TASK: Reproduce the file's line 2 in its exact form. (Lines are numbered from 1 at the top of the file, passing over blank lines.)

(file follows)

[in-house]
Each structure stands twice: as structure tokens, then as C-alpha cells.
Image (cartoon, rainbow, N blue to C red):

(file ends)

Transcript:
Each structure stands twice: as structure tokens, then as C-alpha cells.